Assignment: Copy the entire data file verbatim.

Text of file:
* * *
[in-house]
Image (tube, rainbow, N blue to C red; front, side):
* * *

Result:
[in-house]
Image (tube, rainbow, N blue to C red; front, side):